Good on the Tennessee football players for not letting their own fans’ booing get to them. They came out swingin’ and the Gators… well, I’m not sure what they were doing.
It really was a tale of two halves. At halftime, Florida led 21-3; the Gators had racked up 300 total yards to Tennessee’s 162. Josh Dobbs had gone 7-20 for 84 yards and Jalen Hurd had been held to just 36 yards on 12 carries.
In the second half, the Vols held Florida to just 102 total yards while gaining 336 against the Gators’ vaunted defense, en route to scoring 28 unanswered points, plus another seven in garbage time.
I have a hard time understanding why Tennessee has been ranked as high as they have been this season; and why Vol fans are so confident about finally breaking Tennessee’s losing streak against Florida this weekend.
Both teams are 3-0, but neither has played against a challenging FBS opponent yet. Yes, Vols, I acknowledge that you got a trophy for beating Virginia Tech.
The University of Tennessee has reached a financial settlement with a group of women who sued the school in federal court for the way it handled their allegations of sexual assaults by student-athletes.
According to documents obtained by ESPN, the university will pay the eight women $2.48 million.
According to a UT release, the settlement agreement specifically provides that the university is not admitting guilt, negligence or unlawful acts. UT officials said they have already spent $220,000 litigating the case and estimated that it would cost another $5.5 million if the case ended in trial. David Randolph Smith, the Nashville attorney who represents the eight women, said his clients are dismissing their lawsuit against UT.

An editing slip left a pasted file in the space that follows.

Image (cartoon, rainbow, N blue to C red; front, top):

“My clients and I are dismissing the lawsuit with prejudice and signed the settlement agreement,” Smith said in a statement. “We are satisfied that, while universities everywhere struggle with these issues, the University of Tennessee has made significant progress in the way they educate and respond to sexual assault cases. My clients and I are also convinced that the University’s leadership is truly committed to continue its exemplary efforts to create a model as it relates to sexual misconduct.
Honestly, $2.5 million split among 8 different women is not that much, however the attorney’s statement indicates that UT is taking some remedial measures.
Schools with prominent sports programs need to buckle down – it’s a new world and student-athletes shouldn’t be coddled anymore when they (allegedly) rape coeds. It isn’t enough for the Jimbo Fishers, Art Brileses and Butch Joneses of the world to stick their heads in the sand and ignore what their players are doing. They need to be charged with some oversight of their students, especially when the guys they’re recruiting are not exactly “model citizens.”